Like math, sports is a common language between humans, it can connect and challenge people all at once. This is the very reason Ike Han loves capturing sports games so much, he can feel the player’s spirit unfold as the game does.
It was his grandfather who first influenced Ike, seeing him work as a photo journalist and travel photographer, Ike has always been surrounded by amazing works. However, Ike’s bread and butter was painting, as an avid artist he would cover every surface possible in ink. When studying took priority his hobby was set aside for school, and it wasn’t until entering college that he discovered the joys of taking pictures; he had found a creative connection between painting and photography, whereby both allowed him to share a story.
“As I was becoming more and more addicted to photography, I started to learn and compile relevant knowledge from magazines and the Internet. I borrowed my father's DSLR and started my photography in 2012 when I was a junior in college, it has been a part of my life ever since.”
Being in college he frequented many college games, giving him ample opportunities to capture high adrenaline games. His earlier images have evolved from the ones we see now, his early aesthetics included over sharp imagery and high contrast tones–“as I took more photos I realized giving photos a story is more important than just the aesthetic skills. Stories that the photo encompasses are the soul of the photo, they bring the feelings that you had when you shot the pictures to the readers. Otherwise, it's just a one-dimensional graphic without emotional depth.”
Jasmine Harris of Central Michigan keeps the ball from stealing during the game between Central Michigan University and Indiana State Sycamores on 11-13-2015 in Mt. Pleasant, Michigan - Nikon D800, ISO1600, f/2.2, 1/1000 seconds, AF-S NIKKOR 85mm f/1.8G at 85mm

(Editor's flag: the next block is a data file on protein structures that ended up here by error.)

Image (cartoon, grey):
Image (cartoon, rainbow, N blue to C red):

Savannah Beetcher of Central Michigan passes the ball during the match between Central Michigan University and Depaul University on 9-14-2015 in Mt. Pleasant, Michigan - Nikon D800, ISO320, f/3.2, 1/5000 seconds, AF-S NIKKOR 300mm f/2.8D IF-ED at 300mm
#8 of Central Michigan competes for the ball during the match between Central Michigan University and Indiana University–Purdue University Fort Wayne on 9-19-2014 in Mt. Pleasant, Michigan - Nikon D800, ISO400, f/5.6, 1/4000 seconds, AF-S VR Zoom-NIKKOR 70-300mm f/4.5-5.6G IF-ED at 300mm
Central Michigan guard Chris Fowler passes the ball to DaRohn Scott during the match between Central Michigan University and Western Michigan University on 3-4-2016 in Mt. Pleasant, Michigan - Nikon D800, ISO800, f/2.2, 1/300 seconds, AF-S NIKKOR 50mm f/1.8G at 50mm
Having passion for photography and the understanding the spirit behind sports are the two most important factors when shooting different sports. Ike’s set up is also crucial, usually there are more than one photographers present at the game, each with their own mission, knowing these things in advance helps him formulate a game plan.
“Based on location I can gather more info, I will know what I am wearing for the game and how to handle my equipment. If it is indoors, I will ask for the lighting situation. Sometimes I will search for photos which were taken at the same place recently, to have a better idea of what the lighting looks like during the game.”